Sometimes it’s the small things that impress when you step into a new car for the first time.
In the case of the considerably mechanically revised and somewhat stylistically refreshed for 2012 Hyundai Genesis 3.8 luxury sedan, it was the driver’s side power window.
After sliding into the seat in Hyundai’s parking lot and starting the quiet and now more potent six under the hood, I lowered the window prior to going through my driving setup routine of seat, wheel, mirrors, climate control, trip computer and audio system.
What caught my attention was that it really didn’t catch my attention at all. I just became aware, as it lowered and later raised itself, that it had done so in virtual silence with silky smoothness indicating that, throughout the design and build process, there were people involved who cared about delivering a very Lexus-like level of refinement in this car, which has a starting price of just $39,999.
Okay, as noted, this is a small thing and other car makers have windows that go up and down smoothly too (although not all do it as well), but this attention to detail was also evident elsewhere.
The interior designers didn’t get carried away, but instead kept things visually simple – dressed up with woodgrain (so no trees were harmed) and aluminum-coloured trim. And functional, with easy-to-read and bright electroluminescent instruments and a simple centre stack with large info screen and a scattering of buttons backed up by a console-mounted controller.
The Genesis welcomes you into a cabin virtually unchanged for 2012 by playing a pleasant if a little hokey electronic welcoming trill (not unlike that produced by our latest washing machine) and the turn signal chimes are soft not strident. The leather-covered seats have wide-apart bolsters that make getting in and out easy (they are a little shy on lateral support, but comfortable), the steering wheel looks luxurious and feels substantial, and the interior has an open and airy feel, whether you’re sitting up front or in the roomy back seat.
And, of course, it’s a Hyundai so there’s a high level of equipment. The base car’s roster includes heated outside mirrors, automatic headlights, dual zone climate control, heated front seats, memory for driver’s seat, mirrors and wheel, sunroof and hands-free phone.
Step up to the Premium at $44,999 and you get 18-inch wheels, front and rear parking sensors and a reversing camera, navigation, HID headlights, heated rear seat, a Lexicon 14 sound system and a power rear window shade.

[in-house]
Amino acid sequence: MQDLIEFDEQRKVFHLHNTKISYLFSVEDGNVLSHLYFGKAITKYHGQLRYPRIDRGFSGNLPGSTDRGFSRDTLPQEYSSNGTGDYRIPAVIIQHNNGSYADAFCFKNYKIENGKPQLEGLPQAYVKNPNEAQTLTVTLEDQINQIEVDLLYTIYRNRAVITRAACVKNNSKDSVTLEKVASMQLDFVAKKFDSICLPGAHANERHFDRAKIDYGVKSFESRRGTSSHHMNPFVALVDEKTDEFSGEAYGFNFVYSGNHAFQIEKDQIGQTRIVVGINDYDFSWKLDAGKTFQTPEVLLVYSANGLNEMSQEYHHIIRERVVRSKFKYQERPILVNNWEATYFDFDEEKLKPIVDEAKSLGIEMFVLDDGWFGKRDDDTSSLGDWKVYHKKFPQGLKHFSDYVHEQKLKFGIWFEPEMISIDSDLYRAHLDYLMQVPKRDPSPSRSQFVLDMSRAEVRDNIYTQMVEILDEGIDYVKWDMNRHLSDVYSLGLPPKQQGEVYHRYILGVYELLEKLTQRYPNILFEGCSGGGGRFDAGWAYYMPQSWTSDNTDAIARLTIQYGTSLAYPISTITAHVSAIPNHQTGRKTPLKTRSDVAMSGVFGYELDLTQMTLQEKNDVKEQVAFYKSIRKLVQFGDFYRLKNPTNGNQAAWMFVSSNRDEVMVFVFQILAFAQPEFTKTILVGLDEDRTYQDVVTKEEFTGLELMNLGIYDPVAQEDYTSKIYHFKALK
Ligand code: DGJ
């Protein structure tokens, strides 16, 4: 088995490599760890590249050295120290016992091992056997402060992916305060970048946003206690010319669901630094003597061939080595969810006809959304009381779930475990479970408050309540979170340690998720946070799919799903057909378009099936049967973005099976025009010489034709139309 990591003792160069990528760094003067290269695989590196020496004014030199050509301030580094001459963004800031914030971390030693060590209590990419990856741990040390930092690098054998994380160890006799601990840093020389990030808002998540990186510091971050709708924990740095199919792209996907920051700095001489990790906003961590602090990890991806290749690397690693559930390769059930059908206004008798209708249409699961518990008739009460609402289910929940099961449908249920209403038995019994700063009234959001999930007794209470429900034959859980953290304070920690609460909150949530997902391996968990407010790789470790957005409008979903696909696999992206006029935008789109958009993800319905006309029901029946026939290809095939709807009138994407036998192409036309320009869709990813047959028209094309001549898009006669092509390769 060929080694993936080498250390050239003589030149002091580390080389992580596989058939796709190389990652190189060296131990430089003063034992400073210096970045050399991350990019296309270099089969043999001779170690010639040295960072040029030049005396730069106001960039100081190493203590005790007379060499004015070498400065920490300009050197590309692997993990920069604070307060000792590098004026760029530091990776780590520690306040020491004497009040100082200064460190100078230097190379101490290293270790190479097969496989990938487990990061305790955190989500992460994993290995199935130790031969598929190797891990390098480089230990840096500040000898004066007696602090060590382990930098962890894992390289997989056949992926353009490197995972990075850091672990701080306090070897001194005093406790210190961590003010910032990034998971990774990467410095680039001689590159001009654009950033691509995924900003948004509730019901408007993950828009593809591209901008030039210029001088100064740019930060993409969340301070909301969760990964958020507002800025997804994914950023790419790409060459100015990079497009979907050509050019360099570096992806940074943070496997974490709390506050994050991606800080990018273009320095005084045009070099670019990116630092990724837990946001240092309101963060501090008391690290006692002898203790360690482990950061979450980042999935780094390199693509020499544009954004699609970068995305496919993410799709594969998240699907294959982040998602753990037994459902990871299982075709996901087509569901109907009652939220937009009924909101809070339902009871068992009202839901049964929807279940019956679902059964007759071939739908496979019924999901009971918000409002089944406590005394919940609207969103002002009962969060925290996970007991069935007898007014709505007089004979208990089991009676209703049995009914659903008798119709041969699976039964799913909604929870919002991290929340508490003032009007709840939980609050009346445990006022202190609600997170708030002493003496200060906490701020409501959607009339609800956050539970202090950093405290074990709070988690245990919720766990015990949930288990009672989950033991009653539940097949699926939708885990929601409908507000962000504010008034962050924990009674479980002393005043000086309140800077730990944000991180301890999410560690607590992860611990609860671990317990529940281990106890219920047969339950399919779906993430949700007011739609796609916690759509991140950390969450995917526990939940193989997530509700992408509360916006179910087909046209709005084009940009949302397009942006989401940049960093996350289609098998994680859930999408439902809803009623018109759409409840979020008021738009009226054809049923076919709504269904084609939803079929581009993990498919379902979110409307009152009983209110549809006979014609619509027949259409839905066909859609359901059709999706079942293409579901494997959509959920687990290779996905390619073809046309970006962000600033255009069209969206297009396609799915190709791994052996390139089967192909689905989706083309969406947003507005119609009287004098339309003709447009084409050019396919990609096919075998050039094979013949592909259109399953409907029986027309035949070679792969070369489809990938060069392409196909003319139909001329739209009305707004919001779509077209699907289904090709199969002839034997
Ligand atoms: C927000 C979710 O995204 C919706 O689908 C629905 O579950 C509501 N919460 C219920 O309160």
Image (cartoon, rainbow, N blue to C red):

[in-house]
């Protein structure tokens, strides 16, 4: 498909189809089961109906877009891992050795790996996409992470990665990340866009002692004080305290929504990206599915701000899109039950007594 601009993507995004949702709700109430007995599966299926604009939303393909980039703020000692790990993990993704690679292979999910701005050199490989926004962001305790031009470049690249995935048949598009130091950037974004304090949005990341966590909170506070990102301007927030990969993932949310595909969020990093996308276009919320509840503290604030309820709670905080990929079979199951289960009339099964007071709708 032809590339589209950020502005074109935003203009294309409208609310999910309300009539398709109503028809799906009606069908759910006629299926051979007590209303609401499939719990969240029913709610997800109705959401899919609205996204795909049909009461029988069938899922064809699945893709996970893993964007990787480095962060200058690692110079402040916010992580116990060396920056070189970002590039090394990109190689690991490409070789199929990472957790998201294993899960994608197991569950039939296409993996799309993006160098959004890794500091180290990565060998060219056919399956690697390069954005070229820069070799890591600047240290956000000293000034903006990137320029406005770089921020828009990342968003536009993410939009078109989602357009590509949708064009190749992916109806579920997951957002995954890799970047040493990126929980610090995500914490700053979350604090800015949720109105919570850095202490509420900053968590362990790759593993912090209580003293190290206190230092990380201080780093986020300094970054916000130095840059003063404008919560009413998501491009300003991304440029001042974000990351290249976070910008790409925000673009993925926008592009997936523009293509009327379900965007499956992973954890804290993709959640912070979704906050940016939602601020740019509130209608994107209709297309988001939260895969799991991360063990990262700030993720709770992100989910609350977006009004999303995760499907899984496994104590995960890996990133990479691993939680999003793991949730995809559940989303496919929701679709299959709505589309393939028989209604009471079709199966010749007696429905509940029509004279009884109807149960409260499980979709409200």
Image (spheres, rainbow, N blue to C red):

The tester with Tech package lists at $49,499, and adds upgraded Lexicon 17 audio and a smarter navi system, smart cruise control, lane departure warning and driver info centre, adaptive cornering headlights, a cooled driver’s seat, a leather clad dash, woodgrain and leather wheel and auto-dimming side mirrors. Just about everything you get with the top-of-the-heap, 429-hp, 5.0-litre, V-8-engined and $53,499 R-Spec version.
A bit of a lengthy laundry list to wade through, but features and how they function are a big part of this car’s appeal.
Hyundai is all over the styling game and the Genesis marked the turning point when it was introduced for 2009. Changes for 2012 were limited to the usual mid-cycle freshening with new grille, front fascia, head and taillights, rocker panels, power folding mirrors, brushed aluminum window surrounds and wheel designs.
The mechanical side has also been significantly upgraded with the R-Spec getting an enlarged V-8, but the 3.8-litre V-6 has also been improved with the addition of gasoline direct injection, the latest technology to ensure fuel is burned as efficiently (and cleanly) as possible.
This has increased horsepower by 43 to a total of 333 hp and torque climbs to 291 lb-ft from 264 lb-ft. Translating this increased power into performance is a new eight-speed automatic transmission with Shiftronic manual control that Hyundai says is six per cent more efficient than the previous six-speed.
Handling has been upgraded with one-millimetre-thicker anti-roll bars that reduce body lean in cornering and four-pot calipers now grip larger front discs.
Driven in around-town mode, the Genesis with this up-rated engine and suspension is a great dancing partner with the power and smooth response required to navigate through busy traffic. But 333 hp is a lot and if you employ all of it you’ll be hitting extra-legal speeds in just a few blinks and thankful for that extra braking power.
This extra urge is also basically guilt- and penalty-free as the new engine/transmission combo result in significantly improved fuel economy numbers: 11.1 litres/100 km city and 6.9 highway. I averaged 9.8 litres/100 km in a week of semi-rural driving and 8.2 litres/100 km at four-lane highway cruising speed.
Despite its extravagant power, don’t mistake the Genesis 3.8 for a sports sedan in the Euro-mould (or the R-Spec for that matter). That big horsepower number is more about prestige than performance. Its targeting system is firmly locked onto the luxury bullseye, which it hits just about dead centre.
2012 Hyundai Genesis 3.8
Type: Luxury sedan
Base Price: $39,999; as tested, $51,759
Engine: 3.8-litre, DOHC, V-6
Horsepower/torque: 333 hp/291 lb-ft
Transmission: Eight-speed automatic
Fuel economy (litres/100 km): 11.1 city/6.9 highway; regular gas
Alternatives: Acura TL, BMW 5-Series, Cadillac CTS, Infiniti M, Lexus GS, Lincoln MKSReport Typo/Error